How we saved 90% of costs by moving from AWS Lambda to AWS Fargate
Although replacing API Gateway with Application Load Balancer as a Lambda Trigger seems to be a quick solution, it does not solve our throttling problem. That’s why we’ve started to looking another solution in terms of cost, performance, limitations, and scalability.
There are lots of solutions for implementation to cover all the things I mentioned earlier, but since this is not a comparison post about solutions, I will skip that part.
After lots of research and long discussions, we’ve decided to move on with AWS Fargate. The key criteria of this decision were;
- being able to make this transition as quickly as possible 🚀
- not taking responsibility for maintenance, it should be a managed service ⚒️
- cost 💸
AWS Fargate is a technology that you can use with Amazon ECS to run containers without managing servers or clusters of Amazon EC2 instances as a must. With Fargate, you no longer have to provision, configure, or scale clusters of virtual machines to run containers. This removes the need to choose server types, decide when to scale your clusters, or optimize cluster packing.
Since our Lambda does not have that much business logic, we were able to dockerize it easily. We prefer Express as a web framework and PM2 as a process manager to keep the server alive.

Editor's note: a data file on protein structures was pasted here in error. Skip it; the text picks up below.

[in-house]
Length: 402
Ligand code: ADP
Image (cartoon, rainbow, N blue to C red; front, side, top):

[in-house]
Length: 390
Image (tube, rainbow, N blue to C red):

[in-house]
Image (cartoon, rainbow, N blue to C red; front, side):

Furthermore, the Lambda function was not a resource monster. We could run tasks with minimum resources (1 vCPU and 2 GB memory).
Also, AWS Fargate comes with plenty of features:
- The provisioning time of the task is under 10 seconds. It enables us to scale up/down your services quickly — It may change based on the image, but since we have a lightweight image it does not take that much time.
- Enhanced monitoring.
- Autoscaling policies based on various metrics — Even though we were having and will have spikes during peak seasons, it is not a problem anymore. AWS support center has a good article about auto-scaling — Configure Amazon ECS Service Auto Scaling on Fargate
Here is the current architecture after the transition:
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